Police lives matter

by Anthony Bradley

Posted on Friday, October 30, 2015, at 2:18 pm

Last weekend, the same weekend that hundreds gathered in New York City to protest against the police, The House of Hope—a large, predominantly African-American church in the Atlanta area led by Pastor E. Dewey Smith Jr.—chose to honor police officers from the community during its “Law Enforcement Appreciation Sunday.” Smith believes there has been a need to protest police brutality in recent years but also a need to “highlight the positive contributions made by police officers in our community.”

The first officer honored that Sunday was DeKalb County Sheriff Jeff Mann, who has served the community for 10 years. Mann called on members of the Domestic Violence Unit who were present in the audience—many of whom were church members—to stand as the audience applauded. Mann spoke of his commitment to working with and within the community, reminding the church that the primary issue in police-community tensions is a lack of communication and a lack of understanding. To help facilitate communication with the community, he has led his team in participating in more than 150 events at local churches and schools.

In addition to giving a medal of bravery to Mann, the church presented medals to Officer Kyle Johnson, who saved a drowning child, and Officer Chuma Chapman, who broke the window of a crashed car to rescue a teen, who he treated until EMS arrived and later visited in the hospital and at home. All three officers are African-American men.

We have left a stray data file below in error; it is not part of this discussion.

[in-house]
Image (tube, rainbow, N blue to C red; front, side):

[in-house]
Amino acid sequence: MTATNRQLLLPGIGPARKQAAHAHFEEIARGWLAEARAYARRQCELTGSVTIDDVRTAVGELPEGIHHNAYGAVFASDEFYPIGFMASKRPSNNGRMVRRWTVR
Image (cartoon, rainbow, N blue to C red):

In a touching display of love and compassion, the church took time to honor Elgin Daniel, a veteran officer of 26 years who was struck by a hit-and-run driver while helping a stranded motorist. Smith called Daniel’s wife Theresa and two children to the stage and presented them with flowers. Theresa reminded the church that police officers are human beings: “They are not only officers, but they are also family members, fathers, daughters, sons.” She pointed out that there are few police officers who do bad things but there are many more who do good.

The church also produced and shared a video titled “We Are Human 2.” The video highlights the need for trust in communities and the importance of seeing police officers as peacekeepers. It includes a moving apology for mistakes that bad cops have made and calls the church to remember that not all police officers are corrupt. The church needs to regularly recognize the good work of the many courageous officers of the peace.

If “black lives matter,” then so do the lives of men and women serving in law enforcement. Protesting the bad without celebrating the good does not advance the cause of justice. The House of Hope provides a model of what it means to mediate the priorities of virtue: Call out unrighteousness wherever it is found while honoring and giving glory to whatever is true, noble, admirable, and praiseworthy. In this way, the church remains countercultural in ways that surpasses mere political ideology.

Anthony Bradley

Anthony is associate professor of religious studies at The King's College in New York and a research fellow at the Acton Institute for the Study of Religion and Liberty.

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